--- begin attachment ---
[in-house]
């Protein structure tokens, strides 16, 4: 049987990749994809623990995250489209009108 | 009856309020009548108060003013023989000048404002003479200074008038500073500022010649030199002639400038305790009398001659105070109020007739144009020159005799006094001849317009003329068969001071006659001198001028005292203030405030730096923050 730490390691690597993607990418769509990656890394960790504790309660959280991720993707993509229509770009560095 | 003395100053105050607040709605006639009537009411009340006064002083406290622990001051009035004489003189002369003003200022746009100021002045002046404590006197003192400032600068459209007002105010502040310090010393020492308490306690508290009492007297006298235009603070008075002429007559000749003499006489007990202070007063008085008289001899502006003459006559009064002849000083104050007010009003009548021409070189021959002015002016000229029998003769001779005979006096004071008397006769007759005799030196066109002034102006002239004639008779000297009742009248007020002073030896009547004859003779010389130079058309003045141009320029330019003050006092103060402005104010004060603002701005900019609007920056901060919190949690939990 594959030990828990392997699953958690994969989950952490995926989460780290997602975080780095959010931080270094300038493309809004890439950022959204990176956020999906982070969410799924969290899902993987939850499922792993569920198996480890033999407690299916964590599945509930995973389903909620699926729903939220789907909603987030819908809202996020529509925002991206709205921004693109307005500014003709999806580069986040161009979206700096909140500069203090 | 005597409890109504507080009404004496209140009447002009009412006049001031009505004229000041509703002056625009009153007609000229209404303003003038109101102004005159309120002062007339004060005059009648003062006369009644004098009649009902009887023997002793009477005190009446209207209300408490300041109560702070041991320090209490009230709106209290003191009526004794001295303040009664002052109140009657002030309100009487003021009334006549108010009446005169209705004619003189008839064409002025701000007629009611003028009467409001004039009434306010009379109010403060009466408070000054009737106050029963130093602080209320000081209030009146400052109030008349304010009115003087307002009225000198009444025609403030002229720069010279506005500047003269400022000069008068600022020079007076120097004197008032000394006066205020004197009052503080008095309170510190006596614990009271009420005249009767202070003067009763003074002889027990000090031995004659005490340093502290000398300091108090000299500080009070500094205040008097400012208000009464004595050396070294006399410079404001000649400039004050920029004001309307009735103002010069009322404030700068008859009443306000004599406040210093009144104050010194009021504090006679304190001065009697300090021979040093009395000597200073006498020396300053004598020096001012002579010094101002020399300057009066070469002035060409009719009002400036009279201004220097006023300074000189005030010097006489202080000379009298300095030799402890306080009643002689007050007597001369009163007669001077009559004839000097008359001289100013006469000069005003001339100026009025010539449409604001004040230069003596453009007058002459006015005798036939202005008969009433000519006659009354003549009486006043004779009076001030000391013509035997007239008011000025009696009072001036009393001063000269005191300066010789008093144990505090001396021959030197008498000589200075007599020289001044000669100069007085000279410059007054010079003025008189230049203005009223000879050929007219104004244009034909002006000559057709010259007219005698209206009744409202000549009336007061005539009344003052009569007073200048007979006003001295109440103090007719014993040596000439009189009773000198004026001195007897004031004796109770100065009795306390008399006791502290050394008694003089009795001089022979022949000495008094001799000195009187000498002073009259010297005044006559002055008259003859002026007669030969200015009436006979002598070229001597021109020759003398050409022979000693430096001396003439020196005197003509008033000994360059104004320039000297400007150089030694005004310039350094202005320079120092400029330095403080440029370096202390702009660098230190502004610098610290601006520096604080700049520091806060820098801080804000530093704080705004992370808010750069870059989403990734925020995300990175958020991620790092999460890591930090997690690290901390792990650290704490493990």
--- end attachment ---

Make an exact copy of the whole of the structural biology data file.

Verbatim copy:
[in-house]
């Protein structure tokens, strides 16, 4: 049987990749994809623990995250489209009108 | 009856309020009548108060003013023989000048404002003479200074008038500073500022010649030199002639400038305790009398001659105070109020007739144009020159005799006094001849317009003329068969001071006659001198001028005292203030405030730096923050 730490390691690597993607990418769509990656890394960790504790309660959280991720993707993509229509770009560095 | 003395100053105050607040709605006639009537009411009340006064002083406290622990001051009035004489003189002369003003200022746009100021002045002046404590006197003192400032600068459209007002105010502040310090010393020492308490306690508290009492007297006298235009603070008075002429007559000749003499006489007990202070007063008085008289001899502006003459006559009064002849000083104050007010009003009548021409070189021959002015002016000229029998003769001779005979006096004071008397006769007759005799030196066109002034102006002239004639008779000297009742009248007020002073030896009547004859003779010389130079058309003045141009320029330019003050006092103060402005104010004060603002701005900019609007920056901060919190949690939990 594959030990828990392997699953958690994969989950952490995926989460780290997602975080780095959010931080270094300038493309809004890439950022959204990176956020999906982070969410799924969290899902993987939850499922792993569920198996480890033999407690299916964590599945509930995973389903909620699926729903939220789907909603987030819908809202996020529509925002991206709205921004693109307005500014003709999806580069986040161009979206700096909140500069203090 | 005597409890109504507080009404004496209140009447002009009412006049001031009505004229000041509703002056625009009153007609000229209404303003003038109101102004005159309120002062007339004060005059009648003062006369009644004098009649009902009887023997002793009477005190009446209207209300408490300041109560702070041991320090209490009230709106209290003191009526004794001295303040009664002052109140009657002030309100009487003021009334006549108010009446005169209705004619003189008839064409002025701000007629009611003028009467409001004039009434306010009379109010403060009466408070000054009737106050029963130093602080209320000081209030009146400052109030008349304010009115003087307002009225000198009444025609403030002229720069010279506005500047003269400022000069008068600022020079007076120097004197008032000394006066205020004197009052503080008095309170510190006596614990009271009420005249009767202070003067009763003074002889027990000090031995004659005490340093502290000398300091108090000299500080009070500094205040008097400012208000009464004595050396070294006399410079404001000649400039004050920029004001309307009735103002010069009322404030700068008859009443306000004599406040210093009144104050010194009021504090006679304190001065009697300090021979040093009395000597200073006498020396300053004598020096001012002579010094101002020399300057009066070469002035060409009719009002400036009279201004220097006023300074000189005030010097006489202080000379009298300095030799402890306080009643002689007050007597001369009163007669001077009559004839000097008359001289100013006469000069005003001339100026009025010539449409604001004040230069003596453009007058002459006015005798036939202005008969009433000519006659009354003549009486006043004779009076001030000391013509035997007239008011000025009696009072001036009393001063000269005191300066010789008093144990505090001396021959030197008498000589200075007599020289001044000669100069007085000279410059007054010079003025008189230049203005009223000879050929007219104004244009034909002006000559057709010259007219005698209206009744409202000549009336007061005539009344003052009569007073200048007979006003001295109440103090007719014993040596000439009189009773000198004026001195007897004031004796109770100065009795306390008399006791502290050394008694003089009795001089022979022949000495008094001799000195009187000498002073009259010297005044006559002055008259003859002026007669030969200015009436006979002598070229001597021109020759003398050409022979000693430096001396003439020196005197003509008033000994360059104004320039000297400007150089030694005004310039350094202005320079120092400029330095403080440029370096202390702009660098230190502004610098610290601006520096604080700049520091806060820098801080804000530093704080705004992370808010750069870059989403990734925020995300990175958020991620790092999460890591930090997690690290901390792990650290704490493990």